The Friday Informer: Oh, yeah? Well, my father knew Jay Greenberg
Looking ahead towards the future of music, I’m personally both encouraged and a little freaked out by an ensemble that can put on a concert under the rubric “Since We’ve Been Born“—a program of music written since 1988. [via aworks]
Maybe we can take this optimistic bit of programming as our cue to just stop discussing if classical music is or is not dying. Some of you (or at least the composers in Atlanta) have poked your heads out of our particular new music foxhole only to discover that—despite what we thought we were learning from American Idol—the sky is dark (or just as bright?) over on the pop side of the fence as well. Clearly this is going to put a kink in our finger-pointing strategies. And to start with, we’re going to have to stop blaming Andrea.
While the Prairie Home Companion and the Vivaldi fans go head-to-head down in D.C. over space on the terrestrial airwaves, the BBC’s plan to push classical content online is meeting with resistance from those who suggest it will adversely affect the field. If you want to talk about barriers to distribution, however, we suggest you try getting to an actual venue presenting experimental music. Just be sure to bring a map and pack some snacks.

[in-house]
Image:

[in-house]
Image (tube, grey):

Steve may have dominated 2006, but 2007′s birthday candles are alight for Philip Glass. He’s already grabbing attention for the American debut of his 21st opera, Waiting for the Barbarians, and for a slick 21st-century record release: a new recording of Music in Twelve Parts released one “part” per month exclusively via iTunes. For those who like to keep well ahead of the curve, the Chamber Music Society of Lincoln Center has announced their plans to kick off Elliott Carter’s 100th (!!) birthday year in 2008 with a performance of his five string quartets.
(iTunes aside: Good thing we know you only like music by American composers, because you’re going to have a hard time buying those hot new tracks by composers in Djibouti.)
And just when you thought you had finally reached the limit of his genius: Listening to Mozart can make you less allergic to latex.